It uses Java Script
What are the chances that someone could write a malicious script and kill your eBook Reader then??
@The Indomitable Gall
I assume you mean something other than memory expansion, as my PRS-505 sports both an SD Card slot and a Memory Stick slot.
@ Bernie 2
This book-buff loves his 505 - it's one of the best investments I ever made, however my wife liked it so much we had to buy one for her too a couple of weeks later...
It's not a replacement for 'paper' books, obviously it lacks their 'feel', but it's a damn sight more portable than several dozen of them would be when I'm travelling, and much more legible than many in poor conditions too, so it saves me from suffering book-withdrawal symptoms.
The PDF rendering some complain about is a non-issue in practice, I simply render 'oversize' books to plain text before putting them in the reader in the first place... the battery-life is a lot better that way too.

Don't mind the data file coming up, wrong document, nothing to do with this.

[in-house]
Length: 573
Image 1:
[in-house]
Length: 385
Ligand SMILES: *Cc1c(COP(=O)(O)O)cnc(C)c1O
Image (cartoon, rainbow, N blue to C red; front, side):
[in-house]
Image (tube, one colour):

@ The Indomitable Gsll
It's been only £150 at play.com for a while now, but I do agree with you, it's still a lot of money.
PDFs, other firmware versions
The Universal Flasher merges what's on the device with the new XML and image files, so if you put your changes in the appropriate folders (and you'll see there are ones for the US firmware versions), then you can hack it in exactly the same way.
You should also be able to put the UK firmware on the US model, to the best of my knowledge, but since it has a higher version number you won't be able to go back, using the standard Sony utility.
As for PDFs, if you try to look at, say, an A4 magazine page it'll not be brilliant, especially if you try to zoom, at which point the Reader will reflow. But the 1.2 firmware does improve PDF performance over the original.
Kudos to the author
Just wanted to say that this is a very well written article, well done to the author. Well summarized, good amounts of detail, clear concise language.